My waters broke at 38 weeks. This meant I would be admitted to the Medical Unit. I literally wanted to run away; I was really scared and I remember phoning my dad to say goodbye. I honestly had an overwhelming feeling that I wouldn’t be coming out alive. I even considered writing my husband a last letter for him to find when he got home. Our first midwife was wonderful. We went over my birthing plan in detail and she assured me that at handover the next midwife would be aware of my anxieties. I was put on a drip, as I wasn’t having any contractions, and this was the first flashback for me. The smell of the adhesive used to hold the needle in place started to freak me out, it reminded me of when my mum was in ITU for 7 weeks, and I hadn’t smelt that smell for years. It opened up very painful memories for me and I could feel myself starting to freak out. I felt like an idiot, I wanted to cry my heart out. I did tell the midwife and she was very understanding. Then I remember saying to my husband “Oh isn’t that nice, you can hear the babies being born”.I was so naive, and when we realised it was a woman in the next room at the end stage of labour, I really started to get frightened.
I was painfully examined and scanned over the course of the next five hours by a few different people, and eventually it was decided that my waters had partially broken. I didn’t understand, as there had been so much water I couldn’t believe there was more to come. The consultant was called in, as I was only 2cm dilated, with poor contractions. Up until this point we had been kept well informed, and everything had been discussed with us, exactly as I had detailed in my BP. The consultant examined me, and I have never experienced pain like it in my life. I had to use gas and air. I was gripping onto the bed, shaking after it. She then proceeded to say that they would have to break my bottom waters in theatre, someone would have to hold Maya tightly so that she didn’t move in case the cord prolapsed; it was too dangerous to do it where I was in case I needed an emergency section there and then, as the baby could be in shock. Meanwhile it was decided that they would turn the drip up to see if I would contract further within the next hour. To try and explain to you how terrified I felt at this point is impossible. I don’t really remember what happened next but I know I was crying and my husband and the midwife were trying to calm me down.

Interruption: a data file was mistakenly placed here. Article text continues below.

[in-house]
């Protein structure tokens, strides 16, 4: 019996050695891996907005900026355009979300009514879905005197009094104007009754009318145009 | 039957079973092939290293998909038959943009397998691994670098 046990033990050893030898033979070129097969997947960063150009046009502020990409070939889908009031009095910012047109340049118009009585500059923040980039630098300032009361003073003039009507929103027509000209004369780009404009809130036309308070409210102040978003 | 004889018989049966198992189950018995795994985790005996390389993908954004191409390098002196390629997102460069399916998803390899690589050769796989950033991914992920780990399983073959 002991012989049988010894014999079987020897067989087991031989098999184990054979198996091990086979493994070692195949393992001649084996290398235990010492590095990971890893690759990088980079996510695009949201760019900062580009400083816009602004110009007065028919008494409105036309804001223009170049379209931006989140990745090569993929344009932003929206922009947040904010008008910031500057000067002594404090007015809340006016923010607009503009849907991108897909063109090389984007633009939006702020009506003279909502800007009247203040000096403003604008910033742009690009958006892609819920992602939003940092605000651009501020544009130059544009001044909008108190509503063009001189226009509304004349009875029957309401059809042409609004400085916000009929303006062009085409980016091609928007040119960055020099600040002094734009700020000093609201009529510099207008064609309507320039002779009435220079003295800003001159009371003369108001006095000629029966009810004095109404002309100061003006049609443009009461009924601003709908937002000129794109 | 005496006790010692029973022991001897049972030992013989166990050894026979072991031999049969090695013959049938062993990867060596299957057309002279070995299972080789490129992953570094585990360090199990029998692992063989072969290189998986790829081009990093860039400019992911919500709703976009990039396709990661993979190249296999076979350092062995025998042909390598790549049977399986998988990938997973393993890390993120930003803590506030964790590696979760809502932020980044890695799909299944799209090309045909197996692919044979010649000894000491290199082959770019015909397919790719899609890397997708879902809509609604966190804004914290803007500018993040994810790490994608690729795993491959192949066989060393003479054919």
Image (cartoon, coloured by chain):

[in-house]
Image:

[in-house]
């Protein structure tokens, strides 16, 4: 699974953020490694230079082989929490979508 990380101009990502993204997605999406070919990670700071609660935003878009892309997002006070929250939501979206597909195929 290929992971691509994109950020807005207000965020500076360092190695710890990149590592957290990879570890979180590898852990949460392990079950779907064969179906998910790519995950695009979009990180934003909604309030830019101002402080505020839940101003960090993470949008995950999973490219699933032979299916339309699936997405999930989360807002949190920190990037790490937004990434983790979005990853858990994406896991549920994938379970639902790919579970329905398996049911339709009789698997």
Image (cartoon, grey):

The consultant came back in a short time later and asked to examine me again. I remember thinking, oh god, please don’t hurt me, and I had already said to my husband that I didn’t want her coming anywhere near me. Again, I had to use gas and air; the pain was even worse than before. I remember trying not to panic, but when I saw the look on my husbands face, it made me panic more. Then I felt a huge gush, and the consultant stepped back, completely ignored my husband and myself and turned to the midwife and instructed her to turn the drip up to the maximum dose. Then she left the room. I was still gripping onto the bed in shock, and my husband was saying to me, “it’s ok, it’s over now – you can let go of the bed”. When I looked at him he looked as shocked as I was. We asked the midwife what had happened, and she said the Consultant had decided to break my waters there and then. My husband and I were horrified, and I asked what had changed. The consultant had said the procedure had to be performed in theatre because it was too dangerous. She hadn’t even discussed with us what she was about to do, how I felt about it or, more importantly, asked my permission. The consultant completely ignored us, and my birthing plan. I cannot tell you how humiliated, powerless and violated I felt. She had taken away my right to have a voice, the very thing that scared me the most about being in hospital. Her manner was brisk, uncaring and unsympathetic towards my feelings and wishes. I was frightened that something was wrong with Maya because the consultant had said it was dangerous to perform the procedure outside theatre.